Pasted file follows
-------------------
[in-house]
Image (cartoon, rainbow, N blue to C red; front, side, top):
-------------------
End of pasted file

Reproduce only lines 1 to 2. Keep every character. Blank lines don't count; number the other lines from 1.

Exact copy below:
[in-house]
Image (cartoon, rainbow, N blue to C red; front, side, top):